Writing in the National Post, Macdonald-Laurier Institute Senior Fellow Ken Coates argues that the problems facing Aboriginals in Canada run deeper than racism.Ken Coats

Coates, who was responding to a sensational recent  Maclean’s magazine cover story about the extent of racism towards Aboriginals in Winnipeg, says the solution instead lies with making Aboriginals powerful actors in their own renaissance. And, while the city faces serious issues, there are plenty of examples of this in Winnipeg.

By Ken Coates, Jan. 28, 2015

With its current edition, Maclean’s magazine has sparked a national debate about the nature and extent of Canadian racism. Through the simple device of calling Winnipeg the “most racist” city in Canada, it has shone a light on one of the greatest “wicked problems” (a complex problem for which there is no simple solution) in Canadian public life. But it moves us no closer to a resolution.

Racism is clearly part of the picture. But attaching it to the situation facing First Nations suggests that the solution lies in tackling the racists and changing their attitudes. That’s putting the cart before the horse.

Picking on Winnipeg also blames the city for demographic and social accidents beyond its control. The challenges facing indigenous peoples are particularly acute in cities with large aboriginal populations, both in percentage and absolute terms. In these cities — Winnipeg, Regina, Saskatoon, Edmonton and Calgary — the size of the First Nations population makes the issue a collective challenge and responsibility.

There are serious issues in the Manitoban capital. The migration of First Nations people from northern Manitoba, which has one of the lowest per-capita incomes in the country and many communities in serious crisis, exacerbates the existing problems in the city. For northern First Nations people, Winnipeg is an “arrival city,” a place that at least holds the promise of a better life and an escape from hardship. There is thus little reason for Canadians in other cities to look down their noses at those on the frontlines trying to deal with the legacy of Canada’s failed aboriginal policies.

The point to bear in mind is that — strident racists aside — there is an overwhelming consensus in this country about the need to end that legacy and improve opportunities for aboriginal people. The constructive and positive developments in recent years, from constitutional and legal recognition of rights to surging aboriginal business development and large-scale indigenous enrolment in colleges and universities, have set the country on a much different course. That problems persist is widely recognized.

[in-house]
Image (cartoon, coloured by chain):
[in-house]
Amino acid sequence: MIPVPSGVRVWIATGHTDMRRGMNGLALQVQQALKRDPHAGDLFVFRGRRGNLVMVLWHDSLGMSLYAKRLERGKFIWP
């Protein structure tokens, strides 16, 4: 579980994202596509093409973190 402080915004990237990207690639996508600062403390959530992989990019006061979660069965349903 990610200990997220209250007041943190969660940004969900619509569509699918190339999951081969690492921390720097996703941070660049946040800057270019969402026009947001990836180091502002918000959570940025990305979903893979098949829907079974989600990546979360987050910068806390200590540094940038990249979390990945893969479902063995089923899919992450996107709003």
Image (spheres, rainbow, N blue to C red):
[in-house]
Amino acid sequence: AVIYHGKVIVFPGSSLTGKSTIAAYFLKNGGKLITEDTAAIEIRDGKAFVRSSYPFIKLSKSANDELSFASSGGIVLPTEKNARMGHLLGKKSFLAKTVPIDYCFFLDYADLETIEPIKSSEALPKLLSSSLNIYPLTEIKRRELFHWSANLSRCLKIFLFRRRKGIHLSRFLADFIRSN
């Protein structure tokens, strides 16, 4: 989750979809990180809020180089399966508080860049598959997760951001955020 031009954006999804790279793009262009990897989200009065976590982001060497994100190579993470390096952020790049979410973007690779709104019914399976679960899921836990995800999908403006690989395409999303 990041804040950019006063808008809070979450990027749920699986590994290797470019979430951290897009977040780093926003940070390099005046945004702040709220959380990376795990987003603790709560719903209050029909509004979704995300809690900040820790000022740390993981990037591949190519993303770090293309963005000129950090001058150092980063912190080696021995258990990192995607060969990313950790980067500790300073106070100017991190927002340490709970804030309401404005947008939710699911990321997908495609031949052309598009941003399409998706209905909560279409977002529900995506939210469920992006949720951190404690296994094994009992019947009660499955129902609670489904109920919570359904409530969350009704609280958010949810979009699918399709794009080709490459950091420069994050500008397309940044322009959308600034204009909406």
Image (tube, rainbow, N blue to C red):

First Nations want — and deserve — full recognition and acceptance of their aboriginal and treaty rights. First Nations also generally want greater autonomy, less interference from the federal government, and the resources needed to secure the same level of services that other Canadians take for granted. Many aboriginal Canadians — but no longer most — stay in their traditional territories and communities, but all want and expect a fair return from the development of resources on their lands. More than anything, they want, expect and deserve to be accepted as full members of the broader Canadian community.

Wicked problems defy easy solutions, and this case is no different. But Canada has enough successful First Nations communities, from Whitecap in Saskatchewan, to Old Crow in the Yukon and Membertou in Nova Scotia, to prove that the problems are not as intractable as many Canadians believe. That is the narrative that holds out hope for something better for aboriginal people, because it makes them powerful actors in their own renaissance.

But there is an alternative narrative, one that focuses on racism and victimization, social isolation and poverty. This narrative claims that despicable attitudes on the part of a minority of Canadians are the problem, and therefore implies that progress is only possible if we defeat those attitudes. This transfers the power to effect change to those elements of society least likely to change, and most hostile to the progress of aboriginal people.

The response of Winnipegers — aboriginal and non-Aboriginal alike — to the Maclean’sarticle is a classic example of the first, empowering, narrative. The community doesn’t just resent its portrayal as a bastion of racism; it more importantly resents the neglect of the real collective action being undertaken to set things right, even in the face of the racism that undeniably exists there and elsewhere in Canada.

Canada needs to think about the most effective strategy for redefining its relationship with First Nations peoples. If our understanding of the current situation and the opportunities of the future is limited to hurling accusations at one another, we will find it harder to change the reality of Aboriginal people on the ground.

Many First Nations people understand that they have real options, based on aboriginal title, indigenous rights, and First Nations cultural strength, in defining their own future. Many non-aboriginal people already stand alongside their aboriginal friends and neighbours, determined to build a more equitable future.

Winnipeg, irony of ironies, is at the forefront of this cooperative, aboriginally-driven, inter-racial problem-solving effort that is the real hope for indigenous peoples. By choosing the narrative of change, and of successful collaboration between aboriginal and non-aboriginal Canadians, we can continue to see First Nations businesses, aboriginal communities, and accomplished Indigenous Canadians flourish. In so doing we may not eliminate every vestige of racism, but can and will render the racists amongst us irrelevant.

Ken S. Coates is a senior fellow with the Macdonald-Laurier Institute and Canada Research Chair in regional innovation in the Johnson-Shoyama Graduate School of Public Policy.